Despite a weakening eurozone economy and Spain’s banking troubles, the European Central Bank left interest rates for the region unchanged at its latest policy meeting on Wednesday.
The ECB wants governments to do more to address the problems.
The lack of change from the record low 1.0 percent rates dashed some market expectations that it might move quickly to combat fears about the health of the eurozone.
Markets were unsure how the ECB would react to the recent wave of weak economic data, knowing that the bank also wants to keep the pressure on eurozone leaders to tackle the crisis more effectively.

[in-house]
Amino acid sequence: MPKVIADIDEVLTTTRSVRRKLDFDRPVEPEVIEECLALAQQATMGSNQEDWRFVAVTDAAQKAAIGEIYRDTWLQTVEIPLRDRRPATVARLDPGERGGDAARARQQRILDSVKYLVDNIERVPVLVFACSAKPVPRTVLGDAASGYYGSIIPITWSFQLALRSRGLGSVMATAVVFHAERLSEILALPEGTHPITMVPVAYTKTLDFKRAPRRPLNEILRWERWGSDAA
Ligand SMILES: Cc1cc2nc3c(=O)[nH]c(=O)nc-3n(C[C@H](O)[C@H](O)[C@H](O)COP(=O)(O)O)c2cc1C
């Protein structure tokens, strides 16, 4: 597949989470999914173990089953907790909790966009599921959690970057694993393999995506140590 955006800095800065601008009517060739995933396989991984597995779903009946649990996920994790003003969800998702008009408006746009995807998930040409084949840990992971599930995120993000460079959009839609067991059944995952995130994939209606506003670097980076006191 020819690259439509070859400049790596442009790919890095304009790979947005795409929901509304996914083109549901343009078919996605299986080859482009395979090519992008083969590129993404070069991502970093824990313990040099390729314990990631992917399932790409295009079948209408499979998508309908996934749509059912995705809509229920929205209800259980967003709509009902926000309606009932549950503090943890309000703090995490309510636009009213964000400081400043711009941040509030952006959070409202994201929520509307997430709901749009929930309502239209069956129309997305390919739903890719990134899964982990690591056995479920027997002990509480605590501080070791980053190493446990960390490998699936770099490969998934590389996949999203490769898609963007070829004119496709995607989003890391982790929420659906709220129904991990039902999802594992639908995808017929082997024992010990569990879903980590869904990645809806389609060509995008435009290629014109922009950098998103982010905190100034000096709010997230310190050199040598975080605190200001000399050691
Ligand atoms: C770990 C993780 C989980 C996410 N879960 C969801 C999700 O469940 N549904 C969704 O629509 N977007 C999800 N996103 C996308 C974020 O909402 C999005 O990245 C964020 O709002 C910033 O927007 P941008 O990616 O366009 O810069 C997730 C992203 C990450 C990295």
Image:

In the run up to the meeting, the head of the IMF Christine Lagarde, said the bank had room to cut rates.
Spain and other hard hit parts of the euro zone would also like the ECB bond buying to provide them with cover while they undertake planned repairs to their economies.
The bank’s dilemma is that if does too much, pressure for government action falls. Yet if it does nothing, troubled sovereign debtors could find it harder and harder to finance themselves or maintain confidence in the banks that have bought much of their debt.